On September 26, 1983 Motley Crue released their second album ‘Shout At The Devil.’
By Chris Gillespie


Shout At The Devil Record

Motley-Crue-Shout-at-the-Devil Back

Back Cover Photo of Shout At The Devil Record

It would not be until spring of 1984 before I moved back to Los Angeles that I would be aware of this album. I walked into a Licorice Pizza and as I passed the front of the “Hot Albums” section at the front of the store, I came across this menacing dark cover with blood red lettering and a slightly visible upside down pentagram emblazoned across the surface. The back cover was even more intriguing, with the band posed together and surrounded by some equally menacing looking spikes.


Shout At The Devil Cassette Cover

Coming from a highly Christian family, it was both slightly off putting, yet tantalizing at the same time. I had to have this. I did not have a record player at the time so I tracked down the cassette and found the close up picture of the four guys who looked like they came straight off the set of a Mad Max or Escape From New York movie on the cover looking back at me. Guitarist Mick Mars looked like the Devil himself being the sole member with flames rising up behind him.

I purchased the cassette, went home and put it in my tape deck. Immediately as the first rumbles of “In The Beginning” came drifting out of the speakers, I had goose bumps. And then it happened, the opening chords of “Shout At the Devil” came blasting out and I was hooked. I am pretty sure this was the first time I ever head banged in my life.

The first Crue song I would ever learn from start to finish on guitar, “Looks That Kill, came on next. If you’ve ever heard the song, you’d understand why so many guitar players seem to learn that song just to have that kick ass riff in their repertoire! You can watch the video for it below.

The bombastic “Bastard” was followed by a more laid back “God Bless The Children Of the Beast, a slow instrumental showcasing Mick Mars’s melodic guitar work punctuated by the simple vocals of “God Bless The Children Of The Beast” at the end. Up next would be the single from the very first picture disc I would ever buy, “Helter Skelter, a cover of the Beatles classic, the same song the infamous cult leader Charles Manson claims led him to his murderous ways. How fitting. The picture disc itself and the gigantic poster of the band featured photos from the Ross Halfin “Blood” photography sessions, some of the best Shout era Crue photos ever issued.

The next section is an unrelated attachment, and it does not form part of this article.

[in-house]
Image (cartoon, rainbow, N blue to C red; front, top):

Below is what the complete set of the “Helter Skelter” picture disc looks like. Front-Back Album, Front-Back Insert sleeve and poster.
Motley-Crue-Helter-Skelter--I-17262Motley HS side BMOtley Helter SkelterMotley Crue-Helter Skelter-insert frontMotleyhsposter

“Too Young To Fall In Love” was a riff heavy and hook laden track that was also made into a campy video that many fans weren’t sure what to think of. The video featured sound effects and the band fighting some ninja style bad guys. You can watch it below.

“Red Hot” had a most excellent blast beat intro that I think may have inspired more drummers playing styles than most would admit. Tommy Lee was a beast on this song and Nikki had his work cut out for him in keeping the rhythm throughout it. The next track, “Knock ‘Em Dead Kid” was a catchy song that was dedicated to the L.A.P.D. and their abusive police state ways that would be later addressed by N.W.A. and their song “Fuck Tha Police” as well.

“Ten Seconds To Love” was a slow burning song about sex in an elevator. The track builds up into a frantic climax into the chorus. Long before Aerosmith touted “Love In An Elevator” The Crue had already been there and left their sloppy seconds for the ‘Smith guys.

The final song on the album was “Danger. A strange departure from the rest of the album. Featuring the slowest tempo on the album (outside of “God Bless…”) The song was mostly about the dark seedy side of Hollywood. Something that would be addressed by Guns N’ Roses in “Welcome To The Jungle”, once again proving that Motley were well ahead of their contemporaries.

(Fun fact: My Mom came into my room and asked what I was listening to while I was playing this for the very first time. When I showed her the cover, she blurted out “Those guys! They’re from Glendale! They hang out at my work ALL the time!”)

The album would later be reissued on their own label ‘Motley Records’ in 1999 and featured the unreleased tracks:

“Shout At The Devil” (Demo Version), an even more sinister version of the song we would all come to know and love. The lyrics were slightly different and included the extra verse:

“I need that evil
I sold my soul
Because I’m in Hell
Oh, I need it
I need it more
What? What?
Ahh-oohhh hahahaha”

Can you even imagine the Christian Conservative heads that would have exploded had they released it that way originally?

“Looks That Kill” (Demo Version)
“Hotter Than Hell”
– Which would later be reworked and appear as “Louder Than Hell” on the ‘Theatre of Pain’ Album.
and finally “I Will Survive” which was recorded during the same sessions but never released.

I count myself lucky to have been around during the most important decade for heavy metal and hard rock and this album is still, to this day, one of my all time favorites.

Many would say that ‘Too Fast For Love’ was superior, but to be honest, it took me another year before I would finally get that album and give it a spin in it’s entirety!

An old original Motley Crue TV commercial:

Motley Crue US Festival 1983 performance before the release of ‘Shout At The Devil’

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